We are determined to change this and we are currently fundraising to renovate and redevelop the site, turning it into a fantastic and interactive visitor experience.
Our first aim is to develop inspiring new displays in the granary museum, telling the story of the fort and its role in the dramatic events of the mid-first century AD. We have successfully raised £55,000 and only need another £6,000 to complete the Granary museum's redevelopment.
The exciting new displays will explain why and how the fort was built, and how it fitted into the networks of trade and communication running through Roman Britain and the wider Empire. They will also look at the role of the Roman Army, the identities and everyday lives of the soldiers and the relationships between the soldiers and the local Celtic population.
The displays will enable visitors to:
· See Roman artefacts excavated from the site, ranging from coins and brooches to fine pottery and armour fragments
· Explore interactive exhibits explaining aspects of the fort and the Roman Army
· Meet characters from the fort talking about their daily lives
· Discover how the fort looked in its heyday through reconstructions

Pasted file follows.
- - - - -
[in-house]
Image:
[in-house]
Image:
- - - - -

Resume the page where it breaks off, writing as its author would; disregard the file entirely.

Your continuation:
· Find out about the methods used by archaeologists to uncover the story of the fort and the garrison
· See full scale replicas of arms and armour used by the soldiers who were based here and even try some on!
The Lunt is a remarkable and unique site dating from 60 AD, just 17 years after the Roman invasion of Britain. This was a time of rebellion when the forces of the Iceni tribe, led by the formidable Boudicca, cut a bloody swathe through Roman Britain, burning Colchester, St Albans and London and slaughtering the inhabitants. The Lunt was built as a frontline outpost on the edge of enemy territory, as the Romans struggled to reassert their rule.
The temporary timber fort the Romans built has long since disappeared, but excavations carried out by archaeologists from the 1960s have revealed its fascinating story. In fact the Lunt is one of the most completely excavated forts in the Western Empire.
Today this exceptionally significant site features authentic reconstructions of a number of buildings including the gateway, a section of the ramparts, one of the granaries and the gyrus, a unique structure not found anywhere else in the Roman Empire and used for training cavalry horses. It is also the only extensively reconstructed Roman timber fort in England.
Thank you for your support